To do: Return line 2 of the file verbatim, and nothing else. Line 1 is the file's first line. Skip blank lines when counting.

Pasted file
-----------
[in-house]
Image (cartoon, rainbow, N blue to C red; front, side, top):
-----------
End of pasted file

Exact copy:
Image (cartoon, rainbow, N blue to C red; front, side, top):